Babies and young children have basic needs that must be met for them to develop and mature. For children, these essential needs include warm, caring, and responsive adults; a sense of importance and significance; a way to relate to the world around them; opportunities to move and play; and people to help structure and support their learning.
The emotional environment is more than physical space because it contains the emotions of the children who spend time in it, the staff that work there and the parents who leave their children. Maintaining positive feelings is important for children to feel safe in the emotional environment. The emotional environment plays a key role in meeting children’s individual needs. Practitioners within the setting should ensure that the setting is warm, loving, secure and accepting place to be for everyone, not just for children. Practitioners should encourage children to express themselves by giving them chance to talk and by actively listening to them. According to (Martine Horvath Sunday March 03 2013) “When children know that their feelings are accepted, they feel safe.”
The indoor environment will have an immediate effect on children learning and development. The indoor environment should be well equipped with high quality resources; indoor space needs careful planning as it needs to be flexible to accommodate children’s individual needs. Environments should be attractive and make children feel safe and secure and happy to be there. Children learn through play, exploring their environment and beginning to find out about the world around them. Play theorist Bob Hughes identified 16 different types of play. Early years settings need to provide a separate room for babies, but should be given regular contact to see older children to help promote their social and emotional development, as children some older, they require a balance of structured activity as well as the ability to initiate their own play.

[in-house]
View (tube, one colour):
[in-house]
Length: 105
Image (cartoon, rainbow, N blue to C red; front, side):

The outdoor environment holds equal value to the indoor environment and provides many opportunities for learning and development. Children gain enormous benefits from learning outdoors, ideally they should have access to outdoor space on a daily basis, not all children will gain access to a garden or outer space within their home, and therefore they should be given the opportunity to explore the outdoor environment whilst at their setting. The outdoor can provide development opportunities for children socially intellectually, physically, and emotionally. Being outdoors supports confidence and self-esteem. Outdoor play opportunities will be different depending in the age of the child.
Child development theorist Jean Piaget (1896-1980), believed “Children construct an understanding of the world around them, then experience discrepancies between what they already know and what they discover in their environment” ( by Saul McLeod published 2009, updated 2012)
When it comes to children and young people, both the safety and the stimulating aspects of the environment should be considered at the same time. Every child and young person has the right to a safe environment and children must have the opportunity of growing up and developing in an environment that is as healthy and safe as possible. An enabling environment will support and facilitate learning and development for children. Children within the early years settings are actively encouraged to explore the indoor and outdoor environment equally, conscientious practitioners and key workers will support learning as children freely engage and interact with their surroundings.
Greenman, J. (1988). Caring spaces, learning places: Children’s environments that work. Redmond, WA: Exchange Press. Available online:http://www.earlychildhoodnews.com/earlychildhood/article_view.aspx?ArticleID=294
By Martine Horvath Sunday March 03 available online: http://eyfs.info/articles/article.php?Enabling-Environments-64
The CAF process updated 26 april 2012 available online: http://www.education.gov.uk/childrenandyoungpeople/strategy/integratedworking/caf/a0068957/the-caf-process
OPEN STUDY COLLEGE EARLY YEARS LEVEL 3 STUDY GUIDE NCFE INVESTING IN QUALITY
Author: John Rowlinson – Updated: 21 December 2012 Safety Marks: What Do They Mean?